Happy Monday and Thailand Do’s and Don’ts

Happy Monday! This chilly fall weather we’ve had lately (and it is only going to get so much worse!) has me thinking about being in Thailand! Mark and I went to SE Asia to visit my friend Kim for a couple of weeks this past March, it was a trip to remember. While reflecting on the experience, I have come up with a quick list of Thailand Do’s and Don’ts based on some lessons we learned while we were there.

Don’ts:

  • Don’t eat vendor food that has been sitting out in the sun for a while. This includes food from any boat cruise or long tail boats.

IMG_2111Longboat off Phra Nang Beach, Krabi

  • Don’t drink anything with ice, as ice could be made from contaminated water.
  • Don’t touch anything with your feet or point anything with your feet (note that this was not a lesson learned).
  • Don’t touch a Thai person’s head (this also was not a lesson learned).

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  • Don’t feed monkeys, even if they are cute.

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Krabi Islands

Do’s:

  • Drink water throughout the day and stay hydrated- the sun is intense in SE Asia!
  • Regularly apply sunblock.

IMG_0033Krabi

  • Do keep calm, enjoy yourself, and smile a lot.
  • Do bring maps wherever you go, but maps may confuse you more.

592View of Bangkok from Eastin Grand Hotel Sathorn

  • Do dress appropriately when visiting temples- this includes wearing shawls (for the ladies), and in some cases, long sleeves. Long skirts or pants are a must too.
  • Do respect all Buddha images.

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Wat Pho temple, Bangkok

016If you forget a hat at home, there are many options for purchasing hats of all shapes and sizes in Bangkok and Krabi.

  • Do come prepared with medications from home, even over the counter drugs. Items like Pepto-Bismol are harder to come by in Asia.

013Chao Phraya River, Bangkok

We loved our time in Thailand and hope to visit again one day!

Marine Corps Marathon Review

My first MCM and marathon #13 was a great experience overall!

Registration for the race was in March. My sig/running partner Mark and I were lucky enough to secure bibs this year through a lottery system where we think only half the registrants got in.

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The MCM was held on the last full weekend in October (the 25th). Mark and I flew down to DC on Friday night, and headed to the expo on Saturday morning for bib and t-shirt pickup. The expo was huge, one of the largest I have been to! We were able to pick up the goods and grab lunch before heading back to the hotel for a relaxing rest of the day. Dinner was at Ella’s Pizza with my cousin and his girlfriend who was also running. It was a great pre-race meal and I recommend the pizza for all DC friends!

584Walking by Washington Monument the evening before the race.

Race day: We woke up around 5am, and did the usual pre-race routine:

  • Quick hot shower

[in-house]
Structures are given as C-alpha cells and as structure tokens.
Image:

• Application of body glide to most areas of the body
  • Dynamic and foam rolling stretches
  • Coffee
  • Banana/bagel/peanut butter pre-race meal. I also had half of a honey stinger.

After this, we were off on the metro! It was crowded but easy to get to the Pentagon stop where the race started. What we hadn’t planned for was the hour-long security line to the runners’ village at the start. MCM decided to increase security this year, and therefore 30,000 people had to go through metal detectors to gain admission to the start. Fortunately we got to this point ahead of time, but we only had 20ish minutes to use the porta pots and scurry over to the start before the guns went off.

MCM put on quite a show at the starting line with a flyover and five parachuters from the sky displaying massive American Flags. It was incredible! Soon after this moment, we were off! My goal was to just enjoy this race and take it easy, given that my previous marathon (Big Cottonwood Canyon, UT) was just six weeks prior. I hoped to finish in just under 4 hours.

FullSizeRender (1)Walk around the National Mall on the Monday after the race

Instead of writing a recap of the entire race, I’m going to write what worked what didn’t work for the race. If you are considering running MCM, take note!

What worked:

  1. The enthusiasm displayed by the Marines handing out water and along the entire course was incredible!!
  2. The race was run very well overall- loved that we could take the metro straight to the start and finish. Post-race food was great and water and Gatorade were plentiful during the entire course. Starting line had some great effects. Mile markers shown throughout the course.
  3. Crowd support along the entire race was incredible! There were a couple of areas with no spectators, but crowds did line the majority of the course.
  4. Medal, tech t-shirt, and other race swag were great.
  5. Running along the “blue mile” was incredibly memorable- this was a memorial for fallen soldiers, and their photos lined a stretch of the course.
  6. Course was overall interesting, passing many monuments and other interesting areas of DC and Arlington.
  7. Plenty of porta-potties throughout the race!
  8. My race nutrition worked well- my pre-race meal combined with three GUs and Gatorade at every other water station throughout the race kept me from bonking (for the most part!). I usually have 3-4 GUs throughout a marathon, but found 3 to be sufficient this time.
  9. Receiving my medal at the finish line from a Marine was amazing. Made me feel so hard core!

What didn’t work:

  1. Long security lines at the start did not allow us time to use the porta pots more than once, so I had to use one along the course (around mile 2). Check out runnersworld.com‘s review on the long security lines.
  2. The pouring rain at the start until mile 8 made the beginning mentally and physically tough!